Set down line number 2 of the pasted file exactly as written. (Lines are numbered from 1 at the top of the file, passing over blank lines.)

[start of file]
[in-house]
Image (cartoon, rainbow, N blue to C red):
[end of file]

Image (cartoon, rainbow, N blue to C red):